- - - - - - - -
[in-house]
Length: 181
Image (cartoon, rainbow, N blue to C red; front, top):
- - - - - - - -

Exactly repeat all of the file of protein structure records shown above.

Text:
[in-house]
Length: 181
Image (cartoon, rainbow, N blue to C red; front, top):